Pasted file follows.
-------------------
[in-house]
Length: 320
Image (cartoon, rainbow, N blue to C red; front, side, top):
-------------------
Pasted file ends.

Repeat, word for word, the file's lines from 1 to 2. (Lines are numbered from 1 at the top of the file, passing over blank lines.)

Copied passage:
[in-house]
Length: 320